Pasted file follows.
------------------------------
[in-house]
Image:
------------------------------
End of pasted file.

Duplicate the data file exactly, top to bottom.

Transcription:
[in-house]
Image: